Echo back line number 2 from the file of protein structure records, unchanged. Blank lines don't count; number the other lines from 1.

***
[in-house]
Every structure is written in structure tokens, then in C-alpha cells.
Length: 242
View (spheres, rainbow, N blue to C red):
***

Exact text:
Every structure is written in structure tokens, then in C-alpha cells.